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Oxalis europea (Tall Wood Sorrel) Oxalidaceae
The Tall wood-sorrel is a delicate yellow wildflower that often lies below-the-radar amongst the more vibrant characters of a damp wood habitat. But take a closer look and one will notice that Oxalis europea is everywhere. The genus occurs throughout most of the world and has been affectionately nicknamed sheep sorrel, sourgrass, toad sorrel, yellow woodsorrel, pain de lièvre (rabbit’s bread) etc in relationship to its location. Interestingly enough, in states such as Nebraska, Kentucky and Illinois, the Tall wood-sorrel grows so well that it has acclaimed the title of “invasive weed.” Anyone remotely interested in botany should keep an eye out for this notable perennial.
Leaf: An obvious indicator of the Tall wood-sorrel are its clover like, sour tasting leaves. Individual leaflets range from 6-13mm in length and width with entire margins. Both the upper and lower leaflet surfaces are pale green; the upper surface is glabrous or nearly so, while the lower surface is covered with short appressed hairs. Leaves occur alternately along the stem and droop downward in absence of sun.
Flower | Seeds: Each flower consists of of 5 yellow petals, 5 light green sepals, 10 stamens, and a pistil. The 5 styles of the pistil are joined together, except at their apices. The petals and sepals are both oblanceolate in shape and easy to differentiate because the sepals are shorter and covered with short appressed hairs.
Life span: The Tall wood-sorrel remains in bloom for about 2-4 months and grow back yearly from small seeds that are about 1.0-1.5 mm. long, reddish brown to brown, broadly ellipsoid in shape, and somewhat flattened. Additionally, the seeds have several transverse ridges that are often whitened.
Tall wood-sorrel is extremely common, occurring in every county of Illinois (see Distribution map below). It is widely distributed in central and eastern United States, including adjacent areas of southern Canada. Oxalis europea prefers mesic to dry-mesic conditions, and soil containing loam, clay-loam, gravelly loam, or sandy loam. The Tall wood-sorrel can spread aggressively by reseeding itself, particularly in open areas where the ground surface has become exposed. Specific habitats include open woodlands, grassy meadows, lawns, gardens, edges of driveways, areas along parking lots, vacant lots, roadsides, areas along railroads, construction sites, landfills, and sunny waste areas. Areas with a history of disturbance are preferred.
Tall Wood-sorrel Distribution
Importance to the ecosystem
The Tall wood-sorrel successfully outcompetes nearby wildflowers for water and nutrients resulting in inhibition of growth of the cultivar. And, due to its upright position Oxalis europea successfully competes for light. Therefore, it is relatively invasive and damaging to other plants. Conversely, Tall wood-sorrel is a food source for insects, birds and small rodents.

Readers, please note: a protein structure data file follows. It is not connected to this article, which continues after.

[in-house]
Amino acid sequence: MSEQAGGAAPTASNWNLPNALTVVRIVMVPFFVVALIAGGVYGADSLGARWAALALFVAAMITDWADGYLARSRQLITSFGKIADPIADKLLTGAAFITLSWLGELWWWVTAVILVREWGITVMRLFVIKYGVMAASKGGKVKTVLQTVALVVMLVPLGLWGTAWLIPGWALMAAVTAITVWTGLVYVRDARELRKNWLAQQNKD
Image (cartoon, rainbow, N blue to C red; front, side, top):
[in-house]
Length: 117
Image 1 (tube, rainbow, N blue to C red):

Relationship with other species
Non-human: The nectar and pollen of the flowers attract Halictid bees and other bees, flower flies (Syrphidae), bee flies (Bombyliidae), and a butterfly, the Cabbage White (Pieris rapae). Insects that feed on wood-sorrels are Abstrusomyzus reticulatus (Wood Sorrel Aphid), Rhopalosiphoninus staphyleae (Mangold Aphid), Melanoplus confusus (Little Pasture Grasshopper), Melanoplus femurrubrum (Red-Legged Grasshopper), Melanoplus keeleri luridus (Keeler’s Grasshopper), and the caterpillars of a Noctuid moth, Galgula partita (The Wedgling). The seeds of these plants are eaten by bird species including the Bobwhite, Painted Bunting, Slate-Colored Junco, Horned Lark, Field Sparrow, Grasshopper Sparrow, Savannah Sparrow, and Tree Sparrow. And some mice, including the Deer Mouse and White-Footed Mouse, eat the seeds. The foliage is browsed occasionally by the White-Tailed Deer and Cottontail Rabbit, even though it is mildly toxic from the presence of oxalic acid.
Humans: Wood-sorrel is an edible plant that has been consumed for millennia. The Kiowa Indian tribe chewed wood sorrel to alleviate thirst on long trips, that the Potawatomi Indians cooked it with sugar to make a dessert, the Algonquin Indians considered it an aphrodisiac, the Cherokee ate wood sorrel to alleviate mouth sores and a sore throat, and the Iroquois ate wood sorrel to help with cramps, fever and nausea. The Tall wood-sorrel also finds a home in ornamental gardens or as potted plants.
Pests: No none pests rely specifically on the Tall wood-sorrel, although some insects feed destructively on them.
Other interesting facts
- The Tall wood-sorrel tastes great in a salad! Recipes can be found online. But don’t eat too much of the sourgrass because it sometimes acts as a diarrhetic.
- Medicinally, in moderate dosages, wood-sorrel is diuretic, stomachic (relieves indigestion), astringent and catalytic. It’s also attributed with blood cleansing properties and is sometimes taken by cancer patients.
- The whole plant produces an orange to yellow dye.